Chris Langdon focuses on Oceanography, Ecology, Ocean acidification, Coral reef and Reef. His Carbon dioxide in Earth's atmosphere study in the realm of Oceanography interacts with subjects such as Saturation. His work on Ecosystem, Oyster, Interspecific competition and Predator as part of general Ecology study is frequently connected to Irradiance, therefore bridging the gap between diverse disciplines of science and establishing a new relationship between them.
The concepts of his Oyster study are interwoven with issues in Zoology and Bivalvia. The various areas that Chris Langdon examines in his Ocean acidification study include Environmental resource management, Sustainability and Pacific oyster. His work deals with themes such as Seawater and Coral, which intersect with Coral reef.
Chris Langdon mostly deals with Oceanography, Ecology, Crassostrea, Oyster and Ocean acidification. His Oceanography research incorporates elements of Phytoplankton and Aragonite. The Crassostrea study combines topics in areas such as Zoology, Hatchery, Bivalvia and Animal science.
His Oyster study incorporates themes from Shellfish, Estuary and Bacteria. His study in Ocean acidification is interdisciplinary in nature, drawing from both Dissolved organic carbon, Carbon dioxide and Ecosystem. His Coral reef research includes elements of Reef, Effects of global warming on oceans and Coral.
Chris Langdon mainly investigates Ocean acidification, Ecology, Oceanography, Crassostrea and Oyster. His Ocean acidification study combines topics from a wide range of disciplines, such as Carbon dioxide, Dissolved organic carbon, Aragonite and Ecosystem. As a member of one scientific family, Chris Langdon mostly works in the field of Ecology, focusing on Taurine and, on occasion, Brachionus.
His work carried out in the field of Oceanography brings together such families of science as Total inorganic carbon and Surface water. Chris Langdon combines subjects such as Shellfish, Larva and Animal science with his study of Crassostrea. As a part of the same scientific family, Chris Langdon mostly works in the field of Coral reef, focusing on Reef and, on occasion, Global warming.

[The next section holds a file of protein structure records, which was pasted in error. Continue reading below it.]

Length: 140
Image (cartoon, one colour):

His primary areas of investigation include Ocean acidification, Oceanography, Coral reef, Ecology and Reef. Chris Langdon has included themes like Carbon dioxide, Dissolved organic carbon, Aragonite and Environmental resource management in his Ocean acidification study. As part of his studies on Oceanography, Chris Langdon often connects relevant subjects like Total inorganic carbon.
His work on Coral reef is being expanded to include thematically relevant topics such as Coral. His work on Pacific oyster and Oyster as part of general Ecology research is often related to Lepidopsetta polyxystra, thus linking different fields of science. Within one scientific family, he focuses on topics pertaining to Global warming under Reef, and may sometimes address concerns connected to Oceanic carbon cycle.
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Geochemical Consequences of Increased Atmospheric Carbon Dioxide on Coral Reefs
Joan A. Kleypas;Robert W. Buddemeier;David Archer;Jean Pierre Gattuso.
Losers and winners in coral reefs acclimatized to elevated carbon dioxide concentrations
Katharina E. Fabricius;Chris Langdon;Sven Uthicke;Craig Humphrey.
Nature Climate Change (2011)
Effect of calcium carbonate saturation state on the calcification rate of an experimental coral reef
Chris Langdon;Taro Takahashi;Colm Sweeney;Dave Chipman.
Global Biogeochemical Cycles (2000)
Effect of elevated pCO2 on photosynthesis and calcification of corals and interactions with seasonal change in temperature/irradiance and nutrient enrichment
Journal of Geophysical Research (2005)
The Pacific oyster, Crassostrea gigas, shows negative correlation to naturally elevated carbon dioxide levels: Implications for near-term ocean acidification effects
Alan Barton;Burke Hales;George G. Waldbusser;Chris Langdon.
Limnology and Oceanography (2012)
The effect of algal and artificial diets on the growth and fatty acid composition of Crassostrea gigas Spat
Journal of the Marine Biological Association of the United Kingdom (1981)
Saturation-state sensitivity of marine bivalve larvae to ocean acidification
George G. Waldbusser;Burke Hales;Chris J. Langdon;Brian A. Haley.
Nature Climate Change (2015)
Poorly cemented coral reefs of the eastern tropical Pacific: possible insights into reef development in a high-CO2 world.
Proceedings of the National Academy of Sciences of the United States of America (2008)
Elevated consumption of carbon relative to nitrogen in the surface ocean
Raymond N. Sambrotto;Graham Savidge;Carol Robinson;Philip Boyd.
Utilization of detritus and bacteria as food sources by two bivalve suspension-feeders, the oyster Crassostrea virginica and the mussel Geukensia demissa
Marine Ecology Progress Series (1989)
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